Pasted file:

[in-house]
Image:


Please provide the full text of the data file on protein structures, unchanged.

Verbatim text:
[in-house]
Image: